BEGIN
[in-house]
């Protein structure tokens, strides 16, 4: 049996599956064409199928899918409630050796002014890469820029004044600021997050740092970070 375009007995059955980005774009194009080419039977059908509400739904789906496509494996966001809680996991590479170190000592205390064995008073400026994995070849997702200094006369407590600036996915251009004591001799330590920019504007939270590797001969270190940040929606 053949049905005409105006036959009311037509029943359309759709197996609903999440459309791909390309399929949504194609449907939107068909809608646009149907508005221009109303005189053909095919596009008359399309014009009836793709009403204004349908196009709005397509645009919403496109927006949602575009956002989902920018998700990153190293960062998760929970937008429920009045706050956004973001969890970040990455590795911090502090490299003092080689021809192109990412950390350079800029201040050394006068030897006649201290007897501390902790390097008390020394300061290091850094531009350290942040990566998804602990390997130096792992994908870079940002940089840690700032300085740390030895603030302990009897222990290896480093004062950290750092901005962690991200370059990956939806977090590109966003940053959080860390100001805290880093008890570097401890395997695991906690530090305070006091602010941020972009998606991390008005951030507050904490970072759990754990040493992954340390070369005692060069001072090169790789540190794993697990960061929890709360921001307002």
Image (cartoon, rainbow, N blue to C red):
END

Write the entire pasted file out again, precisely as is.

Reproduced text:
[in-house]
């Protein structure tokens, strides 16, 4: 049996599956064409199928899918409630050796002014890469820029004044600021997050740092970070 375009007995059955980005774009194009080419039977059908509400739904789906496509494996966001809680996991590479170190000592205390064995008073400026994995070849997702200094006369407590600036996915251009004591001799330590920019504007939270590797001969270190940040929606 053949049905005409105006036959009311037509029943359309759709197996609903999440459309791909390309399929949504194609449907939107068909809608646009149907508005221009109303005189053909095919596009008359399309014009009836793709009403204004349908196009709005397509645009919403496109927006949602575009956002989902920018998700990153190293960062998760929970937008429920009045706050956004973001969890970040990455590795911090502090490299003092080689021809192109990412950390350079800029201040050394006068030897006649201290007897501390902790390097008390020394300061290091850094531009350290942040990566998804602990390997130096792992994908870079940002940089840690700032300085740390030895603030302990009897222990290896480093004062950290750092901005962690991200370059990956939806977090590109966003940053959080860390100001805290880093008890570097401890395997695991906690530090305070006091602010941020972009998606991390008005951030507050904490970072759990754990040493992954340390070369005692060069001072090169790789540190794993697990960061929890709360921001307002």
Image (cartoon, rainbow, N blue to C red):